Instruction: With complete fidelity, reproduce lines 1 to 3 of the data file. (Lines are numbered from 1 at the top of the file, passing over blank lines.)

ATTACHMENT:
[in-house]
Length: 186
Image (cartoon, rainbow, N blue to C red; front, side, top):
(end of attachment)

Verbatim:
[in-house]
Length: 186
Image (cartoon, rainbow, N blue to C red; front, side, top):